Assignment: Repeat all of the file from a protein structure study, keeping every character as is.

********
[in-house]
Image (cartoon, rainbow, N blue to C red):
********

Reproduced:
[in-house]
Image (cartoon, rainbow, N blue to C red):